Stephen Skinner

During the 1970s he was the driving force behind Askin Publishers, producing lovely editions of classic magical works such as Agrippa’s Fourth Book of Occult Philosophy and the  Archidoxes of Magic by Paracelsus, several titles by Austin Osman Spare, Aleister Crowley, Dr Donald Laycock (The Enochian Dictionary) and others, all of which are now collector’s items. The first of these was a huge quarter leather edition of the primary source book of Enochian magic, the True & Faithful Relation of what passed between Dr John Dee…and some Spirits. During the 1970s he co-wrote books with Francis King, including the still popular Techniques of High Magic, which has gone through many editions since it was first released. Also with Francis King he wrote Nostradamus. Then he followed this with the best selling Millennium Prophecies.

His interest in Western geomancy spurred him on to create the most complete and classic work in that field Terrestrial Astrology which is soon being reprinted as Geomancy in Theory and Practice.

In 2004 he began publishing Source Works of Ceremonial Magic. The first title was The Practical Angel Magic of Dr. John Dee’s Enochian Tables with co-author David Rankine, opening the doors on real 17th century angel magic in a way never done before. This was followed by The Keys to The Gateway of Magic and then The Goetia of Dr Rudd, a complete 17th century version of the Lemegeton as used by a practising magician. He and David Rankine produced a new edition of three versions of the most famous grimoire, the Key of Solomon as The Veritable Key of Solomon. Most recently they deciphered and translated the Grimoire of St Cyprian, the Clavis Inferni.

In 2006 he published The Complete Magician’s Tables with complete tables of Magic, Kabbalistic, Angelic, Astrologic, Alchemic, Demonic, Geomantic, Grimoire, Gematria, I Ching, Tarot, Pagan Pantheon, Plant, Perfume and Character Correspondences in more than 800 Tables, four times as many tables as Aleister, Crowley’s Liber 777, or any other imitator.

He was responsible for launching and publishing the first full colour magazine on feng shui, Feng Shui For Modern Living, which was distributed in 41 countries with translated editions in German and even in Chinese. At its peak the English edition sold over 121,000 audited copies per month, and Stephen was nominated at the PPA awards as UK ‘Publisher of the Year’ (the UK print media equivalent of the Oscars).

He was educated at Sydney University graduating in English Literature, Geography and Ancient Greek Philosophy. His interests include feng shui, ancient civilisations, geometry, travel, computers, magic and the Middle Ages. He is the author of more than 30 books published worldwide in 20 different languages. His books have had introductions by such diverse people as Colin Wilson, HRH Charles Prince of Wales, and Jimmy Choo shoe designer to the stars.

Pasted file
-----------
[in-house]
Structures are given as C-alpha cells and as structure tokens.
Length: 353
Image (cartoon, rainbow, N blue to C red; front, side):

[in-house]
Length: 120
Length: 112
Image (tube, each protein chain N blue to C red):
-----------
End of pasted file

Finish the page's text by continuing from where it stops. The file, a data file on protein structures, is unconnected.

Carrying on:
George Adams (1894 – 1963)

He was active as a pacifist in the First World War and did social work with the Quakers, in particular with the Friends’ War Relief organisation in Poland. He worked for the rest of his life for Anthroposophy with a special interest in the scientific side as well as developing the social aspects.  He interpreted Steiner’s lectures in England and later translated many of them into English.  He discovered how to describe Steiner’s findings about negative space in geometric terms. He worked particularly with projective geometry and the application of path curves.

John Martineau

After leaving The School he continued publishing, inviting other alumni and friends, such as Daud Sutton (MA 1998) and Professor Scott Olsen, to help him create a small series of books specialising in the age-old themes he studied at The School. Now, nearly twelve years and 50 books later, Wooden Books may be found in bookshops throughout Britain and America.


Lawrence Edwards (1912 -2003)

He was inspired to carry out scientific research after studying projective geometry with George Adams, following a “moonlighting” second career testing whether the path curves he had learnt about applied to real forms in Nature.  This he confirmed for the forms of  many flower and leaf buds as well as for the human heart.  He found important rhythmic processes active in leaf bud forms over the winter months which correlate with planetary rhythms. He was a friend, inspirer and helper to many others.